Campaign Builder 101 is the beginner’s guide to understanding the campaign builder in Keap Pro, Max, and Max Classic (formerly Infusionsoft).
If you’ve never quite grasped why it’s so powerful, or you just feel like you missed the first day of class, then this is the back-to-the-basics approach you might be after.
(You can jump right to the FAQ section here)
And before we get too far into things – I want to highlight a robust three-part course on the campaign builder, the Advanced Automations Complete Collection – available for free on the Keap Academy platform.
The first thing to know is that the campaign builder can be used to do a zillion different things.
So there isn’t a singular recipe for how to use it “right”.
You can build lead capture campaigns, nurture campaigns, sales campaigns, webinar campaigns, fulfillment campaigns, partner campaigns, and it goes on and on – at a super high level, it works like this:
Use the campaign builder design automation that systematizes a process.
Usually the campaigns are either a) customer facing automation, or b) internal automation, or c) some combination of the two.
And while there are an infinite number of ways to use the campaign builder (I mean, literally countless business models, industries, and marketing tactics), there IS a common thread that ties every single campaign on the planet together, as least as far as Infusionsoft is concerned.
The common thread is goals, and sequences. That’s it.
Every single campaign out there, all of them, are comprised of goals and sequences.
And the easiest way I know to explain it is Action and Reaction.
Goals are actions (something took place).
Sequences are reactions (what happened as a result).
The way I recommend people start with automation is to start small – find something in your business that always happens in tandem and focus on automating that.
1. Someone fills out the contact us form (action), it creates a task for me to reply to them (reaction).
2. Someone buys something (action), they get a thank you email (reaction).
At the end of the day it can ALL be boiled back down to this.
Goal >> Sequence
And then as you get comfortable with that it begins to build out from there.
Goal >> Sequence >> Goal >> Sequence
GOALS AND SEQUENCES
What are goals?
Goals are the high level milestones of your campaigns, you can think of them like triggers.
As a general rule, goals serve to start the actions that come after them, and stop the actions that precede them.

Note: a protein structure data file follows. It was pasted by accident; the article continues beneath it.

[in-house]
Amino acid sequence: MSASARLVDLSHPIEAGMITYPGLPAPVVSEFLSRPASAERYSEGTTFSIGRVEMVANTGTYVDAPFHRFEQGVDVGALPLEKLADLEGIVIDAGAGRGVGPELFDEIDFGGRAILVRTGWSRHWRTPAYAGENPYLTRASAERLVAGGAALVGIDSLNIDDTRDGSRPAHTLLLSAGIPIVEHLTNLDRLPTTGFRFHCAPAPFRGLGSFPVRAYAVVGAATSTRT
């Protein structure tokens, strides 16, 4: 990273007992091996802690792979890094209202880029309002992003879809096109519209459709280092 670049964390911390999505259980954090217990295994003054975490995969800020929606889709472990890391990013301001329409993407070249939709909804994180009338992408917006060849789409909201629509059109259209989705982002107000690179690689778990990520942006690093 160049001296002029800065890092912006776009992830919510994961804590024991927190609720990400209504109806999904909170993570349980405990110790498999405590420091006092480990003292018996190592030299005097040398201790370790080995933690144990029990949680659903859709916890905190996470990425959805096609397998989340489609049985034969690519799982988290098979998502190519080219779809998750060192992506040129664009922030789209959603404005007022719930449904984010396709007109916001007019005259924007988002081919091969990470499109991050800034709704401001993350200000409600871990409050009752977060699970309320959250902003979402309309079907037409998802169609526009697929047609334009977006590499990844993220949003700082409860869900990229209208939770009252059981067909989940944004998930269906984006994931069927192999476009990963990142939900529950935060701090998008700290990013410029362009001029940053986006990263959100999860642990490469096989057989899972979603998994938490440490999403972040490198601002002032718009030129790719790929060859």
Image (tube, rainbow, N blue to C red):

The goals can loosely be divided into two categories – actions the contact takes, and actions the user takes.
Contact initiated goals are things like web form submissions, purchases, and clicks. They’re literally things that the contact has to “do”.
User initiated goals are things that a user does, things like applying a note, applying a tag, moving an opportunity to a new stage, or submitting an internal form.
There is a third category, which I call “system initiated”, and that’s when something happens – like, a contact’s score is recalculated and they achieve a goal by reaching the new score; or a tag being applied automatically as a result of some other automation,
Check out this help article for a comprehensive list of goals.
What are sequences?
Sequences are the “reaction”. They’re everything you want to have happen as a result of the previous goal, or to guide them to the next milestone.
But one key thing to remember is that a sequence on it’s own is just a container – it doesn’t have any default content. You use a sequence to assemble the actions you want to have happen, and to define the order you’d like them to take place.
Most people think of sequences as “email sequences”, and while that is the most popular use case, you can also use steps in a sequence to automatically apply a tag, apply a note, create a task, add someone to a fulfillment list, send an http post, and a variety of other actions.
For more on sequences, check out this help article.
Okay, so you start with the action (the goal) and then you bundle it with the reaction (the sequence).
From there, you build your campaigns action >> reaction, or, goal >> sequence.
From there you can continue to use sequences to guide your prospects from milestone to milestone.
Goal >> Sequence >> Goal >> Sequence
And as you build these automation “snippets” (which I call “automated moments”) what begins to happen is you can weave them together to created automated journeys.
The journey is the path the customer takes – from discovering your brand, to opting in, to becoming a customer, to getting the thing they bought, to buying again, and to telling their friends, etc.
This is where it starts to get complicated – because there are so many permutations, exceptions, and variables.
They can all be addressed, but not necessarily predicted.
I would imagine it’s like learning an instrument – you don’t start by learning all the songs.
You start by learning the notes.
And once you know the notes, you can play the chords.
And once you know the chords, you can play the songs, or write them.
(I have no musical talent or ability, so admittedly that may not be how it works.)
Same thing for learning language, you start with the alphabet – you learn the building blocks you’re going to use.
There’s a joke I like that goes:
“Once you’ve read the dictionary every other book out there is just a remix.”
It’s true for campaigns – once you know how goals and sequences work you can digest any campaign (no matter how big, or sprawling, etc).
The goals are the high level milestones.
And the sequences are what happens in between those milestones – either as a result of the previous goal, or in preparation of the next one.
I don’t wanna downplay the campaign builder’s power, but I like to emphasize that while you can build complicated and intricate campaigns, you certainly don’t have to.
(Though if you do, I blogged about three “gotchas” to be aware of – Gotcha 1, Gotcha 2, Gotcha 3)
How big should my campaigns be?
This is an common Campaign Builder 101 question – as you build out your automation when does it end? At what point should one big campaign turn into two smaller ones?
The answer depends on who you ask, but I find that there are usually some natural breaking points where the conversation shifts, or you hit a natural milestone.
Here’s a blog post from Mike Harris talking about the idea of compartmentalizing your campaigns.
The key thing to remember is that you can transition contacts between campaigns automatically by using tags and tag goals.
For most people automating simple bite-sized pieces of automation is all they really need in order to start seeing an ROI.
I find that the more time you spend in this space, the easier it is to get distracted by all the things it could do; and I think it’s safe to say that entrepreneurs don’t need any additional distractions.